Before briefly describing what can usefully replace the current IRS code, which over the past two decades has gone from merely arcane to completely obscene, we need to understand one almost universally overlooked aspect of the problem: tax credits.
The current system of taxation we have dates from around the beginning of the 20th century. As has become well known, it involved a trade. The temperance movement, which ultimately succeeded in imposing Prohibition, threatened the solvency of the Federal government, which had heretofore financed itself through excise taxes, perhaps the bulk of which came from the sale of alcoholic beverages. The Sixteenth Amendment, making the income tax constitutional, was understood at the time as a necessary offset for the loss of revenue by dint of taxing booze. This connection was so clear at the time that when it finally looked as though Prohibition would be repealed, a number of people, including Treasury Secretary Andrew Mellon, reasoned that if the Federal government once again taxed alcohol sales, it could dispense with the income tax. But of course that didn’t happen as the swath of Federal government responsibilities had grown apace in the meantime.
The income tax, which originally applied to only a tiny fraction of American households, was meant of course to create on adequate revenue stream for the operations of the Federal government. But before very long, for reasons we will leave aside for now, politicians and Federal officials started to use the tax code as an incentive structure for either encouraging or discouraging certain kinds of behavior. To some extent, this idea was part and parcel of the Progressivist enchantment with early social science in its rather primitive behaviorist incarnation. The idea was simple (and wrong): People were individual value-maximizing decision units, so if you made it worth their while to act one way and not another, they would. This was a conception of social engineering on the cheap.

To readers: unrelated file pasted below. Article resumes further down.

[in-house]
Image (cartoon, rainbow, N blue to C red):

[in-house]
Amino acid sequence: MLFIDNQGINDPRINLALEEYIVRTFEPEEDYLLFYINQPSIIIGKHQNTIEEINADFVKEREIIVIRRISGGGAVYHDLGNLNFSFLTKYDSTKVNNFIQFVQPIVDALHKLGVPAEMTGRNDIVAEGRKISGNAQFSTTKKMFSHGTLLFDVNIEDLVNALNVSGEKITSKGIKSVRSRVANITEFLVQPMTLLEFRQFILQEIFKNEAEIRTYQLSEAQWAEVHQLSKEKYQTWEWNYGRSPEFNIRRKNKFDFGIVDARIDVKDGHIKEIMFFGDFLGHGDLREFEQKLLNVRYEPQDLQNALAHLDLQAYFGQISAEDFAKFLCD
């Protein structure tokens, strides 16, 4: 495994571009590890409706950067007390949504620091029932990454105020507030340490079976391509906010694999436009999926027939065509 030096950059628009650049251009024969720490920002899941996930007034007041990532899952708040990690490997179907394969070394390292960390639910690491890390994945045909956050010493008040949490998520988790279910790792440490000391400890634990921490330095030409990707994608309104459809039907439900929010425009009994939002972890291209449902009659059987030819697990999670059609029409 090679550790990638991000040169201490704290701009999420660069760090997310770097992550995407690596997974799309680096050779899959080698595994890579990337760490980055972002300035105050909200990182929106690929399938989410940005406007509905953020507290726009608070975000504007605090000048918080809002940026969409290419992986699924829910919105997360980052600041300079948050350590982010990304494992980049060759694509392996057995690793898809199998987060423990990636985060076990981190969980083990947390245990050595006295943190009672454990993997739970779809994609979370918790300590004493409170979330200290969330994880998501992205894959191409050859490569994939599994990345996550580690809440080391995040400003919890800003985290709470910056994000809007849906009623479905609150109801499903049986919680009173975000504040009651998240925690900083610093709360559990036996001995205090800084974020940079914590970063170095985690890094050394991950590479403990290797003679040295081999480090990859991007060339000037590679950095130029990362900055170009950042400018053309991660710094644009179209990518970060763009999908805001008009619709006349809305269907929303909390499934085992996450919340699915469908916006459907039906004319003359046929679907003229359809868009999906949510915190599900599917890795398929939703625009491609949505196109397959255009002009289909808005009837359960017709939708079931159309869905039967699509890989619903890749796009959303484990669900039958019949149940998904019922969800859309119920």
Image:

This has remained a basic principal behind the wild proliferation of tax credits as tools of social engineering ever since. There are tax credits and other tax incentives festooned throughout the IRS code covering everything from historical preservation to agriculture to energy to real estate to…well, really just about everything. It rarely dawns on people that there is nothing Congress can do through the use of a tax credit that it cannot also do directly through the legislative process. If it wants to help NASCAR track proprietors or makers of india ink or orchid growers, it can appropriate money directly. So why use tax credits instead?
The answer is deceptively simple: transparency, or rather the lack thereof. To authorize and appropriate money directly Congress actually has to vote in ways that even half competent citizens can research; it’s easier than ever to look up roll-call votes. But sticking a tax credit on a bill basically having to do with other subjects and that is hundreds if not thousands of pages long is pretty much an anonymous undertaking. It allows politicians to far more easily do special favors for rich people without anyone noticing. Tax credits are a a major method of plutocratic field-tilting, as is evident in the credits and subsidies that go to oil companies, agribusiness giants and others. The ethanol policies of the U.S. government represent a kind of trifecta of pure plutocratic menace: they represent a giveaway to giant agribusiness corporations, a bandaid-scale excuse not to end the petroleum monopoly in transportation fuels, and a tariff-inflected poke in the eye to friendly countries like Brazil that can make and export the stuff far more efficiently than we can.